Each  of the volumes was priced at 7/6 each (equivalent approx US $1.87 in 1920s or about $16 in today’s money). The prescient buyer who tucked them away and kept them in pristine condition, could easily be looking at a substantial sum for any or all of them given their popularity and present day demand for first and early editions.  



As for Pooh - in the years between 1926 and 2016 the fame of the bear has only grown. His story has been translated into dozens of languages and his popularity is - if anything - greater than before. Not only did “Winnie-the-Pooh” stay in print continuously, many variants also appeared. For example, in 1958 a Latin translation became the first non-English book to be featured on the New York Times Bestseller List and it remains the only Latin book to ever be seen on the list.



In the mid-60s Winnie and friends entered the Disney stable of characters and was then (and is today) one of the most widely licensed and most lucrative of all their cartoon characters. The Disney franchise took liberties with the story and even added a character (Gopher) to the original line up. In 2001 Disney, which had been paying royalties on Pooh and friends, bought the rights outright through 2026 (expiration of copyright) for a cool $350 million. www.nytimes.com/2001/03/05/business/mediatalk-disney-buys-the-rights-to-winnie-the-pooh.html



It was not just Disney who took liberties with the famous honey seeker. According to a 2012 article (Pooh) “has been used by Benjamin Hoff to explain the tenets of Taoism, by Frederick Crews to satirize philosophical approaches used by academics and by John T. Williams to illustrate the works of popular philosophers including Descartes, Plato and Nietzsche. …. As if that weren’t enough, Kenny Loggins even wrote a hit song "Return to Pooh Corner."



So as we go into the celebratory mode, what’s new with Pooh?



For starters, in January of this year “Finding Winnie, ” a picture book that tells the true story of the real bear that inspired “Winnie-the-Pooh”, became the winner of the 2016 Caldecott award for children’s books, one of the most prestigious honors in the field of literature for young people. The story is based on the real Canadian bear named Winnie who ended up living in the London Zoo. www.usatoday.com/story/life/books/2016/01/11/caldecott-newbery-winnie-the-pooh-finding-winnie/78633224



Along similar lines  CBS ran a television feature on the real ursine backstory that inspired the fictional character. Here's a link to their coverage. www.cbsnews.com/videos/the-story-behind-winnie-the-pooh



But life for Pooh has not all been bedtime stories, gold medals and TV news. Recently the character took on a political edge when he was banned in China.



In 2013 President Obama and PRC President Xi Jinping met in California for diplomatic talks. At that time, a photo of the two men walking side by side inspired comparisons to Pooh and Tigger. The Chinese president was portrayed as the short pudgy bear while the tall lean American leader was cast as the ever bouncy Tigger. When the image hit the social media in China it instantly went viral and was just as instantly censored. A second installment a year or two later showing the Disney’s Pooh driving a  small auto was also construed as critical of the Chinese leader and became   the most censored image in China for 2015. globalriskinsights.com/2016/03/china-blacklists-winnie-pooh



Also on the horizon is a forthcoming motion picture about the life of Milne’s son - the real life Christopher Robin - and his relationship with his father. The trade papers have announced that Irish actor Domhnall Gleeson will star as A.A. Milne. www.scannain.com/irish/casting-irish/goodbye-christopher-robin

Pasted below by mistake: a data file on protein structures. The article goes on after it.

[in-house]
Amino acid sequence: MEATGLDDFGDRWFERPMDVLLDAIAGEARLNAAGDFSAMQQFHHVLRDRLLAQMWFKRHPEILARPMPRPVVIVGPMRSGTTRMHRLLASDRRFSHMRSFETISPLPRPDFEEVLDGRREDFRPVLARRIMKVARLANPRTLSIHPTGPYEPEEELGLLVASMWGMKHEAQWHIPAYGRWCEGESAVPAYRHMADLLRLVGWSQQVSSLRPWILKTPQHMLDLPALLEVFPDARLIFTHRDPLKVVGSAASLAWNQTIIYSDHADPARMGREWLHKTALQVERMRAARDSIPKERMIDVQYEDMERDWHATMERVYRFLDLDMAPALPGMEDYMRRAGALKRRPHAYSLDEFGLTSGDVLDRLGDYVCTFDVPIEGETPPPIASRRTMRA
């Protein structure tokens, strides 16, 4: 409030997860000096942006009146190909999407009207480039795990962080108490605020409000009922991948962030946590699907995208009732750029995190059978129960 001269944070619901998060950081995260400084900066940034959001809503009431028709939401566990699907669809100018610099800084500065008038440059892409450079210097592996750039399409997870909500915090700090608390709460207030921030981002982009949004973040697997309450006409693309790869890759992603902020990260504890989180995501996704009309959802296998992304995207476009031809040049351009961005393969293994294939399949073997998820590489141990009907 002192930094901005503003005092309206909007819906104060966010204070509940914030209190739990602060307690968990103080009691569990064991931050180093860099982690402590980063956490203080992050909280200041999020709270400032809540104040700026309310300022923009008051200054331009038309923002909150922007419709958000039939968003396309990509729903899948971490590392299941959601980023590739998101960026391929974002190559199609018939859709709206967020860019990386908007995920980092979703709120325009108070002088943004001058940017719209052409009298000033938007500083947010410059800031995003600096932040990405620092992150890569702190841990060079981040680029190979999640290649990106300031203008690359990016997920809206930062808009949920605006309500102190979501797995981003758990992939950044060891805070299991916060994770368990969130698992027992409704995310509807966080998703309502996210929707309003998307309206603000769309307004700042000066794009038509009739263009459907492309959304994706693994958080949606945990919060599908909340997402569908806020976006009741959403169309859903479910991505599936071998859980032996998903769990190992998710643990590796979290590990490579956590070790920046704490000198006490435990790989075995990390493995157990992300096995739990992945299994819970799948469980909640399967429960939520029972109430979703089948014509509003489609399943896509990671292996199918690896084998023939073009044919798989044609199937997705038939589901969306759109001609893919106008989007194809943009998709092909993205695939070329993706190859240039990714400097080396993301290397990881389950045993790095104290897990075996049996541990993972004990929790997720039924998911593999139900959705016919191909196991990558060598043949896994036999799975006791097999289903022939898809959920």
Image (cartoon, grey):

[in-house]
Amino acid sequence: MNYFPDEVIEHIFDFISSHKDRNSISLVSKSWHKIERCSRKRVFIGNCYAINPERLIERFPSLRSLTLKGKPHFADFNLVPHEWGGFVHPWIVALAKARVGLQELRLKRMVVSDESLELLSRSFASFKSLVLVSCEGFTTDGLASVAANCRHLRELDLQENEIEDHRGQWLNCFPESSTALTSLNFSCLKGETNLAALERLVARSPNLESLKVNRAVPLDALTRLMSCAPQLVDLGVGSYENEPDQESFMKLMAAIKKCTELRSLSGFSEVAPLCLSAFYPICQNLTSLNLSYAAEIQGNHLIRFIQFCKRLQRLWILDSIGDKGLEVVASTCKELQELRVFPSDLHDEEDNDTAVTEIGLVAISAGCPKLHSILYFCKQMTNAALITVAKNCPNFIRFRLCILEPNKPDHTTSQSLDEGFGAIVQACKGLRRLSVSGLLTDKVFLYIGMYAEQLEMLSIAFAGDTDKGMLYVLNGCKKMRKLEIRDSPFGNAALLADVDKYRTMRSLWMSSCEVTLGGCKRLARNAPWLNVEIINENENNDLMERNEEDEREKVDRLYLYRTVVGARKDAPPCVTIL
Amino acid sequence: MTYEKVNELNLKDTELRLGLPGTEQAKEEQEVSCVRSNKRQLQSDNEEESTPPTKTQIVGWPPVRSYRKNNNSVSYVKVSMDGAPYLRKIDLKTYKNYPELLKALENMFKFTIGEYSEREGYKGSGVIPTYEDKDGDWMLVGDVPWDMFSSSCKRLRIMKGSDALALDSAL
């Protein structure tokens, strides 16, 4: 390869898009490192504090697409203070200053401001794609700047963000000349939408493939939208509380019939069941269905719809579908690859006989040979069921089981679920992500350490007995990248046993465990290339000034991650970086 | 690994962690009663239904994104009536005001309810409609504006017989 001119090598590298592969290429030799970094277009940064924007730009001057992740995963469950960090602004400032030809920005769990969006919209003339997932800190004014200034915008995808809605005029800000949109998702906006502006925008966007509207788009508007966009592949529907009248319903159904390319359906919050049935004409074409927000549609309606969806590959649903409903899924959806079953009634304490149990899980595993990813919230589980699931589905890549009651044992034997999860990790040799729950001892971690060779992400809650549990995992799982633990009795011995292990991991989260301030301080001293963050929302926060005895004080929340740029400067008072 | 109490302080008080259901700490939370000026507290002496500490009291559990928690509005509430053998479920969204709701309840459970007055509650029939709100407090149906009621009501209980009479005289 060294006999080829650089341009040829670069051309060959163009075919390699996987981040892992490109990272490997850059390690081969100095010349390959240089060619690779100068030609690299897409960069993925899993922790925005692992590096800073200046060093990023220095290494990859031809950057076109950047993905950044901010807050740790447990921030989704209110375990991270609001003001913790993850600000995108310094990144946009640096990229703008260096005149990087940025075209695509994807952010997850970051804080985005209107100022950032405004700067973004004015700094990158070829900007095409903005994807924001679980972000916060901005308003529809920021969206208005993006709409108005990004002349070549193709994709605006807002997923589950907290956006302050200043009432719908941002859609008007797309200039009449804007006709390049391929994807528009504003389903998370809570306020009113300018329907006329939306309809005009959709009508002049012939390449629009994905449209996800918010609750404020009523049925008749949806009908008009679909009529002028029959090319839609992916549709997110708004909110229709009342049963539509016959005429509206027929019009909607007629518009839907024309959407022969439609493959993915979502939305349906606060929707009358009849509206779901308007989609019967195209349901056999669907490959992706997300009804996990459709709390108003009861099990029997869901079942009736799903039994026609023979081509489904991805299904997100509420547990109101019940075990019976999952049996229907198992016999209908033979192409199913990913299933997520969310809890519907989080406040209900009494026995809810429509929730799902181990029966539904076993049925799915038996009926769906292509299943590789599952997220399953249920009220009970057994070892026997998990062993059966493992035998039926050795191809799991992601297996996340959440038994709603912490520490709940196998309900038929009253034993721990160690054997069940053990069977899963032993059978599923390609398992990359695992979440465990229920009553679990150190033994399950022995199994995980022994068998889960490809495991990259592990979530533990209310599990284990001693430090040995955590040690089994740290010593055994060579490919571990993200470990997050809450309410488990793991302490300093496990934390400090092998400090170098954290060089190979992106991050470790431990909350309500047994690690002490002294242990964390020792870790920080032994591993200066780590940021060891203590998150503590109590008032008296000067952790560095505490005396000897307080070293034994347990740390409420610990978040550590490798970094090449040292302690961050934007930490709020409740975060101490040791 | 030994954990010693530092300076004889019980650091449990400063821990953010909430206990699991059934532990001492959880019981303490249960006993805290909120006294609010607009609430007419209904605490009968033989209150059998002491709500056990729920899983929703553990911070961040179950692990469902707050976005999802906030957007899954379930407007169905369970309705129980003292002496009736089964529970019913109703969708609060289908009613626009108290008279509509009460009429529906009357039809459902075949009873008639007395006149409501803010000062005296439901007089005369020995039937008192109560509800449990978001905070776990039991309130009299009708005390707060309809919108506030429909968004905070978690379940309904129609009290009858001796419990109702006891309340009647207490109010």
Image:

Even a brief look at the lives of Milne and his son reveal that the fame and wealth the character created for the family had a serious downside. After the appearance of his four books for children, A.A. Milne, a prolific writer and contributor to Punch, found it difficult to have his humor, fiction and plays aimed at adults taken seriously. His musings on his life appeared in 1939 simply titled “Autobiography.” (US edition)



His son, Christopher Robin, who in his youth was considered one of the most famous children of his day, in later life became a bookseller. He found that the legacy of Pooh and the verses such as “Christopher Robin is Saying His Prayers” had a serious down side. He was mercilessly teased at school and wrote about his increasingly tense relationship with his family, especially his father in his own autobiography “The Enchanted Places” (Methuen, 1974) and other volumes that fleshed out the details of his adult life.



No matter what happened to the author and his family, the characters and books he created have had many lives. In the world of books they live on in countless incarnations rare and not-so-rare. As an individual volume the first Pooh book with a dust jacket seems to be  the one most eagerly sought, but looking over prices in the past decade nice copies of all four volumes with and without dust jackets have consistently realized attractive prices.



There are quite a few copies of the 1926 first edition of Winnie the Pooh presently on the market. If price is no barrier one of the nicer items offered comes from London bookseller Peter Harrington asking £8,750 (pounds) for a first edition signed by the author and illustrator on the title page.



Willing to up the ante? Harrington also lists a copy of the signed extra limited edition, number 14 of 20 copies on Japanese vellum signed by both author and illustrator for £35,000. Harrington’s web page states that the first edition of “Winnie-the-Pooh” was first published in the UK in three issues: an extra limited issue of 20 vellum copies, a limited issue of 350. His stock of these and other books by AA Milne can be found at www.peterharrington.co.uk/authors/a-a-milne.



All manner of kitsch and Disneyana in every conceivable incarnation reside at the other end of the price spectrum. There are over 28,000 Pooh related items sold within the last 90 days on eBay ranging from plastic guitar picks picturing the bear that cost 15 cents each to a lot with all four first editions minus dust jackets which sold for about $3,082. In addition to books, other Pooh merchandise and collectibles included toys, games, movies, animation cels, art work, clothing, figurines, dishes, decals, patches, pins, stickers, pet supplies and much more.